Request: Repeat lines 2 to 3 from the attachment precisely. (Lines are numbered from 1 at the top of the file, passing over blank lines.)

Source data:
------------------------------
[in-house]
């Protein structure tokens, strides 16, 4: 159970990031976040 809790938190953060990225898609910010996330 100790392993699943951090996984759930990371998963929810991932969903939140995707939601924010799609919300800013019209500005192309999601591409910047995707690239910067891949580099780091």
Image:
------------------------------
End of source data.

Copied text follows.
């Protein structure tokens, strides 16, 4: 159970990031976040 809790938190953060990225898609910010996330 100790392993699943951090996984759930990371998963929810991932969903939140995707939601924010799609919300800013019209500005192309999601591409910047995707690239910067891949580099780091």
Image: